THE BBC’s Pilgrimage series has recently returned to our screens with a cast of seven celebrities touring Scotland to “follow in the footsteps” of Saint Columba, a crucial figure in early British Christianity.

But the famous faces got into a bit of trouble north of the Border when attempting to pronounce one Scottish place name.

In the third and final episode of the series, the group heads to Moray before taking on the Outer and Inner Hebrides.

Presenter Laurence Llewelyn-Bowen is joined by Monty Panesar, Louisa Clein, Nick Hewer, Scarlett Moffatt, Shazia Mirza and Will Bayley.

READ MORE: Watch Martin Compston show off his Gaelic skills at Glasgow Film Festival

As the group approaches the famous Callanish Stones on the Isle of Lewis, some presenters struggled with the name, and weren't sure what language it was.

As they passed a Scottish sign titled "Calanais" with "Callanish" below, Llewelyn-Bowen says: “Calanais sounds like a sauce doesn’t it?” before another presenter replies: “What language is that then?”

The National: The celebrities saw backlash for their attitude towards the Gaelic languageThe celebrities saw backlash for their attitude towards the Gaelic language

Llewelyn-Bowen replies: “It’s Hebridean”.

The clip was shared on social media where it received backlash from some in the Gaelic community.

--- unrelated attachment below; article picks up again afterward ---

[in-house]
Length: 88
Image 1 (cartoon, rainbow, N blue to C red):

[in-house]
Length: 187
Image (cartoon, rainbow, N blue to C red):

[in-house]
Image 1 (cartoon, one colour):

Na h-Eileanan an Iar MP Angus MacNeil jokingly reacted to the clip, saying: “London broadcasters go aborad”.

The SNP politician told The National: "Yes, the London broadcasters visiting 'far away', endearing themselves, as those of empire did so long ago, finding solace in arrogance to cover ignorance.

"Plus-ça-change, as these broadcasters might find them saying in the Parisian language."

User Cath Morrison reacted to the video, tweeting: “When I moved to Scotland I saw it as moving to a place that I intended to make my home and not as some quaint playground extension of the life I already knew, and e.g. an excuse to mock 'twee' unfamiliar place names. It's not hard to learn new things. It's really not.”

READ MORE: Anger after petition labels Gaelic funding a 'frivolous, vanity project'

And Roger Hutchinson was left surprised that they apparently hadn’t encountered Gaelic before then, saying: “They got all the way to the west side of Lewis without previously encountering Gaelic? Were they helicoptered there from Sussex?”

And Sophie Irene Dickson Tweeted: “It is really jarring to watch something that is about your home and culture which was so obviously not made for you to be watching.”